Philip Cross, in the Financial Post, dives into the shocking rise in Canada’s gross domestic product (GDP) to start 2016.
By Philip Cross, April 6, 2017
Sometimes the saying that “if you aren’t confused, you’re not paying attention” seems to have been coined specifically for Canada’s economy. More than usual, even the best analysts are confused about what is happening. The January report for GDP shocked economists with a 0.6 per cent monthly advance, building on its momentum late in 2016. However, some commentators cautioned the news was overshadowed by President Trump’s executive orders the same day that called for an investigation of the practices of its trading partners, including Canada. In fact, the threats to our exports to the U.S. help explain why our economy is suddenly outperforming expectations.
First, some background on the U.S. economy. While the soft indicators related to consumer and investor sentiment picked up in response to Trump’s election amid much talk about deregulation and tax cuts, it is not clear how business-friendly his policies will be. While less government interference in the domestic economy clearly would be welcome, increased government regulation and barriers to the flow of people and goods entering the U.S. would be a setback for many firms. Even domestic policy in areas such as health care costs are steeped in uncertainty. Manufacturing is one exception with a marked post-election improvement in sentiment after months of treading water under Obama.
Meanwhile, the hard data on actual spending and production in the U.S. continues to sputter. Industrial production was flat in February, and is up only 0.3 per cent in the past year despite a post-election upturn in manufacturing and a weather-induced boost to construction. Auto sales, a key market for Canadian producers, softened in the first quarter. Real GDP growth is on track for less than a one per cent annual rate in the first quarter. None of this augurs strong growth in Canada.
So why is GDP in Canada surging recently? Most of the increase was driven by exporters in mining and manufacturing.
In Canada, the reverse pattern is evident; the soft data about business sentiment remains weak, but the hard data on output is surging. The stock market has slowed recently, as have commodity prices, while the dollar hovers around 75 cents U.S. These are hardly harbingers of a booming economy. Foreign firms are abandoning the oilsands, reducing the capacity for any major new investments. Overall, business investment plans for 2017 remain negative for a fourth straight year, especially manufacturing which depends on exports to the U.S.
So why is GDP in Canada surging recently? Most of the increase was driven by exporters in mining and manufacturing. Virtually every manufacturing industry has boosted production over the past three months, in contrast with sporadic gains in U.S. industrial output. It is easy to understand why firms are anxious to ship their product to the U.S. while the weather was mild, even if it just sits in inventory, given the risk exports might be slapped with a sizeable border adjustment tax in the near future. This is most evident in the auto industry, where the U.S. stock-to-sales ratio is at its highest level in a quarter of a century outside of the 2009 recession. Overall, exports to the U.S. have risen 5.1 per cent since October.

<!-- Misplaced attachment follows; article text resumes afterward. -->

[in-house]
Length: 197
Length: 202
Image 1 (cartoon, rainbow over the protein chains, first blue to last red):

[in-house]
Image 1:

Once exporters start shipping more to the U.S., automatically there are ripple effects downstream for services such as wholesale trade and transportation companies, both of which made large contributions to the recent gains in GDP. Altogether, mining and manufacturing and trade-related services accounted for nearly 90 per cent of January’s hike in GDP, as domestic services and construction just spun their wheels. It is also telling that these same export-related industries added few new jobs in recent months, leaving the public sector to drive employment growth.
Of course, there is the possibility that higher manufacturing activity in Canada represents the long-awaited stimulus from a lower dollar, whose absence mystified the Bank of Canada throughout 2016, aided by improving manufacturing spirits in the U.S. after Trump’s election. This happy face interpretation does not stand up to closer scrutiny. If manufacturers finally were taking advantage of an improved competitive position in the U.S. market, then why would they be so pessimistic about investing in Canada? Manufacturers plan to cut investment by five per cent in 2017, after a 15 per cent cut in 2016. If manufacturers thought their recent output gains were sustainable, why are they so reluctant to commit to hiring more employees? Factory employment has fallen slightly over the last three months.
It seems more likely that the recent upturn in Canada’s GDP partly reflects the passing of the worst effects of the recession in Alberta’s oilpatch, allowing annual growth to return to its familiar post-crisis baseline of two per cent. But the additional boost to a six per cent annual growth rate over the last three months seems driven by a temporary burst of shipments to the U.S. before any possible trade barriers are erected.
All of this is summarized by the Macdonald-Laurier Institute’s leading indicator. After a brief pick up reflecting the burst of exports at the turn of the year, it slowed to 0.4 per cent growth in February, the same as before the unexpected blip in growth. Ultimately, we won’t know until after U.S. trade policy is clarified whether the upturn in exports is sustainable or not. Until then, the prudent interpretation is that while the “Trump bump” to growth initially has been stronger in Canada than in the U.S., fear of trade barriers is not a welcome source of growth.
Philip Cross is a Munk Senior Fellow at the Macdonald-Laurier Institute.
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